There is much solid, admirable work here but is it really trophy-worthy? Only St. John scores big in scenes where his character, Neil—struck by blindness and bitter as hell—has an intensely uncomfortable reunion with his younger brother, Malcolm, played once again by an equally powerful Shemar Moore (below, right, with St. John)—who should have been nominated in the Guest Performer category but wasn’t, due to some lame NATAS rule. Should St. John be trumped by one of the other guys in this category, no worries. He’ll be back in the running next year.
Winner: Kristoff St. John
Likeliest Upset: Chad Duell
Outstanding Supporting Actress in a Drama Series
Linsey Godfrey (Caroline), The Bold and the Beautiful
Amelia Heinle (Victoria), The Young and the Restless
Elizabeth Hendrickson (Chloe), The Young and the Restless
Finola Hughes (Anna), General Hospital
Lisa LoCicero (Olivia), General Hospital
Another tough one. The nominators seem to find Heinle and Hendrickson a lot more fascinating than I do, but they certainly do shine. Hughes is a miracle of steely understatement and so bloody fine in her scenes with the great Ian Buchanan that you just want to weep—not just for the hopelessly estranged Anna and Duke but for the loss of one of daytime’s most magnificent couples (Buchanan filmed his exit scenes at GH last week). Godfrey is almost supernaturally perfect—and so heartbreaking—as her character, Caroline, gets roasted by her husband for having an affair. Then there’s LoCicero, who offers something rarely found in Daytime Emmy soap reels—belly laughs galore—when her character, Olivia, does a little drunk dialing. I’d love to see a three-way tie, with Hughes, Godfrey, and LoCicero, but I think the latter will take it. Kudos, too, to LoCicero’s scene partner Wally Kurth (Ned), who is priceless and oughta have a few Emmys of his own.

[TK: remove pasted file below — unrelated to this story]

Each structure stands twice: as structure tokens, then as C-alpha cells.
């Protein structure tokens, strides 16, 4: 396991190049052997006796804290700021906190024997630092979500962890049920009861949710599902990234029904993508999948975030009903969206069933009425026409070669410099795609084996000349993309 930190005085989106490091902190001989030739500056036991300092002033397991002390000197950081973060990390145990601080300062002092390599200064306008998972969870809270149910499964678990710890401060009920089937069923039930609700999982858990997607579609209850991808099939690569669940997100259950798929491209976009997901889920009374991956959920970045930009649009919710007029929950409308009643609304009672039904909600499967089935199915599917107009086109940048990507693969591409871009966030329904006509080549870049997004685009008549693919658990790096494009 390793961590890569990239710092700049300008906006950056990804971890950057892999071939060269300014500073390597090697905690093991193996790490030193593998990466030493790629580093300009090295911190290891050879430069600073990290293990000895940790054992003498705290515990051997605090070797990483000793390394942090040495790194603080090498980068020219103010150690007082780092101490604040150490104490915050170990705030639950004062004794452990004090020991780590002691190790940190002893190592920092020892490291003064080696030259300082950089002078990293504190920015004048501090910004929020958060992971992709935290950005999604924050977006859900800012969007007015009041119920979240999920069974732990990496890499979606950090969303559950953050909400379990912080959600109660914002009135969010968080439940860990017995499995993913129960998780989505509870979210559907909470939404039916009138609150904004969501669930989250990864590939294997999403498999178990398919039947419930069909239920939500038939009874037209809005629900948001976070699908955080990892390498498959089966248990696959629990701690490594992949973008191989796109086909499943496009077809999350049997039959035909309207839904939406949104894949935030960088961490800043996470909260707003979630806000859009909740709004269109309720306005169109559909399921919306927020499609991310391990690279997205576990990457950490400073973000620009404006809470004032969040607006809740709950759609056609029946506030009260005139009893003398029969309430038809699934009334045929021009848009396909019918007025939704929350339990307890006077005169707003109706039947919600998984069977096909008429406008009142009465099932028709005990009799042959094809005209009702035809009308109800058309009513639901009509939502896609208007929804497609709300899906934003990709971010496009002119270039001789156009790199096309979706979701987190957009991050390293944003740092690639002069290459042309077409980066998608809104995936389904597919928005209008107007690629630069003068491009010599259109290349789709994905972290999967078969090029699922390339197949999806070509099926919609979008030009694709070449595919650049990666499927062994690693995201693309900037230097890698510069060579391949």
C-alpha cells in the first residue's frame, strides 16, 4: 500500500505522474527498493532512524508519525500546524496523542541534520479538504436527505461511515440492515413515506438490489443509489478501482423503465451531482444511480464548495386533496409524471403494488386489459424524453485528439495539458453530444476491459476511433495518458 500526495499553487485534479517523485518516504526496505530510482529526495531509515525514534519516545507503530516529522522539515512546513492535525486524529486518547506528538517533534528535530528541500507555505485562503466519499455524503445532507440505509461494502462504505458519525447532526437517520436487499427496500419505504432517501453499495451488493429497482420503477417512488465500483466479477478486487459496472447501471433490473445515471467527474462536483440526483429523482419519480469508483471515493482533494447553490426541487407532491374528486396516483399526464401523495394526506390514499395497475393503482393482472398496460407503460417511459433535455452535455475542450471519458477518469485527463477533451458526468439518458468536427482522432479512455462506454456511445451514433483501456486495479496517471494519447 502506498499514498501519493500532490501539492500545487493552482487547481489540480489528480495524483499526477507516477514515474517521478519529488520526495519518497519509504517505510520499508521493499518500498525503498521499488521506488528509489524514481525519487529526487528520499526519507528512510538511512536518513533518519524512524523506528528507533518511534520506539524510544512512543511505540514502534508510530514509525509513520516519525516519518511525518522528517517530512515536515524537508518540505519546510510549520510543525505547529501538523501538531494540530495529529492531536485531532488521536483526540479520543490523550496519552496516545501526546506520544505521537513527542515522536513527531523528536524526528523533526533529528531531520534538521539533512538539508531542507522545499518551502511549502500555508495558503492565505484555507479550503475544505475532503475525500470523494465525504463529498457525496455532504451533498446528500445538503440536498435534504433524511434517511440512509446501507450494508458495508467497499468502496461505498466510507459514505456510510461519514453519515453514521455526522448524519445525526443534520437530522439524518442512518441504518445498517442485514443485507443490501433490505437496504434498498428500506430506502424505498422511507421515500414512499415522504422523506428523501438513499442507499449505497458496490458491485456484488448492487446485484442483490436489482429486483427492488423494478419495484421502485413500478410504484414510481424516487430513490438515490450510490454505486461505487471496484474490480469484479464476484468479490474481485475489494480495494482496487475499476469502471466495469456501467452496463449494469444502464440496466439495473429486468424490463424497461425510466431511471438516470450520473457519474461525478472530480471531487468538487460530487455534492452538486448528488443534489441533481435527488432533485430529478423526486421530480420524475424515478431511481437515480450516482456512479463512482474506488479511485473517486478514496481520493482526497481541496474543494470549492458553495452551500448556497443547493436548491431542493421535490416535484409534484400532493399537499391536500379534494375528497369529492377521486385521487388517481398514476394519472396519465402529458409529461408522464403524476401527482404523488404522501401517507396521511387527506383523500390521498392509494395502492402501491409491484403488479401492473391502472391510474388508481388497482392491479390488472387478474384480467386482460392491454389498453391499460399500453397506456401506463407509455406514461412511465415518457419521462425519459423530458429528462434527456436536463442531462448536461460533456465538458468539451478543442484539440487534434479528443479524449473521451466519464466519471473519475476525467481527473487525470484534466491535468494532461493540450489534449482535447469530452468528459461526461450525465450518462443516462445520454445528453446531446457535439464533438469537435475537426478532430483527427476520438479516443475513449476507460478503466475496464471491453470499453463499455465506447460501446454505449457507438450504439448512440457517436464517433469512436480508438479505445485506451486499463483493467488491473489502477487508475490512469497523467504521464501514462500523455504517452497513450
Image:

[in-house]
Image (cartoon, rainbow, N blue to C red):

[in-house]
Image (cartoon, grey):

Winner: Lisa LoCicero
Likeliest Upset: Linsey Godfrey
Outstanding Younger Actor in a Drama Series
Bryan Craig (Morgan), General Hospital
Max Ehrich (Fen), The Young and the Restless
equan Richmond (TJ), General Hospital
Freddie Smith (Sonny), Days of Our Lives
Why does NATAS insist on having these younger categories, when there’s never enough sterling work to properly fill them out? Why should kids, many of them just moderately talented, have an Emmy just because of their age when so many of our greatest, most-deserving soap veterans don’t have one? That said, there are two splendid performances here. Craig, who should have won last year, is back with another dynamic turn as hot-mess mafia spawn, Morgan. The guy is a star! But Richmond may have the edge, as his character, TJ, is confronted by some ghastly family skeletons. Most actors need words to be revelatory. Richmond does it with silence.
Winner: Tequan Richmond
Likeliest Upset: Bryan Craig
Outstanding Younger Actress in a Drama Series
Kristen Alderson (Kiki), General Hospital
Camila Banus (Gabi), Days of Our Lives
Hunter King (Summer), The Young and the Restless
Haley Pullos (Molly), General Hospital
What am I missing here? With the exception of Banus (left)—immensely moving as her character, Gabi, confesses to murder—the work seems standard issue. And there’s nothing more to say about it.
Winner: Camila Banus
Likeliest Upset: Hunter King
Outstanding Special Guest Performer in a Drama Series
Meredith Baxter (Maureen), The Young and the Restless
Sally Kellerman (Constance), The Young and the Restless
Donna Mills (Madeline), General Hospital
Linda Elena Tovar (Rosalie), General Hospital
Fred Willard (John), The Bold and the Beautiful
Ray Wise (Ian), The Young and the Restless
Nobody except Baxter is doing any heavy lifting here, making this newly returned category more of a lark and a way to amp up the star power of the Daytime Emmys. (Alas, NATAS won’t present this award on air, and has pushed the category to a non-televised ceremony taking place two days earlier.) I can easily see Mills, who is enjoying quite a career renaissance, appealing to the judges with her doe-in-headlights, diva-in-distress routine, which is always enjoyable and eternally cool. Willard could also grab votes for his irresistible goofiness, as well as the surprise factor.(What on Earth is he doing on a soap?) But I’m betting on Wise, who was sublimely smarmy as a self-help guru from hell. Plus, look at the guy! He deserves an Emmy just for that puss.
Winner: Ray Wise
Likeliest Upset: Fred Willard
But, hey, don’t take my word for any of this! You can view all of the actor reels at PopTV.com and decide for yourself. And don’t forget to watch the Daytime Emmys, airing live on Pop, Sunday, April 26 (8 p.m./ET, 5 p.m./PT), followed immediately by the premiere of Pop’s trashtastic reality show Queens of Drama. Check out our juicy preview interviews with Donna Mills here and Vanessa Marcil here. Guaranteed: You will be talking about these Queens on Monday morning!